Figure 1: Global Land Surface Temperatures from Sentinel-3/SLSTR data (2018). [Credits: ESA]
Heat emanating from the Earth's surface affects (and is affected by) the world's weather and climate patterns. A good indicator of this phenomenon is the land surface temperature. Scientists aim to study how rising land surface temperatures influence glaciers, ice sheets, permafrost and the vegetation in the Earth's ecosystems and how increasing atmospheric greenhouse gases affect land surface temperature.
Land surface temperature maps are also used for commercial agricultural purposes to evaluate water requirements during summer periods when crops may be exposed to heat stress or, in contrast, during winter periods, when crops and trees may be exposed to damaging frost.
Fire Location and Fire Radiative Power
In order to support both Copernicus operational services and scientific applications, a SLSTR L2 algorithm is dedicated to the fire detection and the computation of fire radiative power. The fire product is labelled as a land product of SLSTR. However, its coverage is global and this product is also detecting and monitoring oceanic gas flares.
Large scale fire activity in various parts of the Earth system is significant. By destroying vast amounts of vegetation, large scale fire activity acts as a widespread change agent. These changes can also affect land surface properties or land cover types, and are also associated with a release of large amounts of trace gases and aerosols. As a consequence, worldwide grasslands, forests and peatland fires greatly impact large-scale ecosystem patterns and processes, carbon storage, atmospheric composition and climate.
Rises in carbon emissions from fires are substantial, for example 2.0-3.2 Pg C year-1 in 1997-2004 compared to ~7.2 Pg C year-1 in 2000-2005 from fossil fuel combustion. On average, it is estimated that approximately 30% of global total CO emissions, 10% of methane emissions, 38% of tropospheric ozone and over 86% of black carbon are produced by fires. Changes of weather and climate (inter-annual climate variability and long-term climate change) have an effect on a vegetation fire's frequency, size, intensity and severity. Noticed variations in inter-annual atmospheric greenhouse gas growth rates are likely linked to year-to-year variations in global fire activity (for instance, the two thirds increase of CO2 observed between 1997 and 2001).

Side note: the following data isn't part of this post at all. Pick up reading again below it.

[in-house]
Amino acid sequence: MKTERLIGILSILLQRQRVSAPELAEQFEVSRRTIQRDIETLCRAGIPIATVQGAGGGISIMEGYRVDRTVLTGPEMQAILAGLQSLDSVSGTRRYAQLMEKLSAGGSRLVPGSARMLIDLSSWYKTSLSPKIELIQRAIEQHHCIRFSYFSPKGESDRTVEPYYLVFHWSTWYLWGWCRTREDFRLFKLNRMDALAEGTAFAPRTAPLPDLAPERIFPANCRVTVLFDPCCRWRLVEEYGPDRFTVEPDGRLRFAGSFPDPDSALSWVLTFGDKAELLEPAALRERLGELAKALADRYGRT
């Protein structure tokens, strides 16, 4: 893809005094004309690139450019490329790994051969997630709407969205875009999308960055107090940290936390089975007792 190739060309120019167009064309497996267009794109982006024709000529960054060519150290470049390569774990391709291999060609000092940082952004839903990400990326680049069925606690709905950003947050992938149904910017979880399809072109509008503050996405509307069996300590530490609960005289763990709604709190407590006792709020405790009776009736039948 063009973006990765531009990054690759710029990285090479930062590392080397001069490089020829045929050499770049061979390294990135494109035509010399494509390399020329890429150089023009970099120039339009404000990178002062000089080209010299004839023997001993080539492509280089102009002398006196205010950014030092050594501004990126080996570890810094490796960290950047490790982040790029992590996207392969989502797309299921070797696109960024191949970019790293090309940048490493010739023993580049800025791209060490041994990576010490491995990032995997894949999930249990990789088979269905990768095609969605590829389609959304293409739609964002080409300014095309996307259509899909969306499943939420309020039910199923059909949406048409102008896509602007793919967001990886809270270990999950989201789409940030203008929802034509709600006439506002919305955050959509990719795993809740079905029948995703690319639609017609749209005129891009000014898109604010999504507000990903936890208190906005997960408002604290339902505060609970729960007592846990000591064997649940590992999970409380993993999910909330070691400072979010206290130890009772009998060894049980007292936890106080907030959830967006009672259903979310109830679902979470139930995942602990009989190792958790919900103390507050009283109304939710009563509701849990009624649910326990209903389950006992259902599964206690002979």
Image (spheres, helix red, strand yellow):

A potential response to climate changes seems to be the increasing extent of biomass burning activity in certain parts of the world. The unpredictable nature of fire and this inter-annual variability makes SLSTR data important for research, through detecting and quantifying actively burning fires through their emitted radiation signals.
Figure 2: RGB image of forest fires. The image was obtained from ATSR-2's nadir view, during a day-time pass of the northwest American states of Idaho and Montana. In this representation there is a clear distinction between the cloud (white) and the smoke from the fires (blue), whilst forested areas appear green.
The vegetation index, also known as the Normalised Difference Vegetation Index (NDVI) is also available from other missions and is included in the SLSTR L2 LST products. This parameter is useful in monitoring the phenology state of vegetation or for detecting possible desertification trends. This may also be used as additional information on land surface temperature to support precision farming.
Marine applications of SLSTR products relate to the monitoring of ocean temperature. The SLSTR product highly relevant to marine applications is sea surface temperature.
Sea-ice monitoring is also an important aspect of the Marine Environment, although there is currently no dedicated ice product available from SLSTR.
Sea Surface Temperature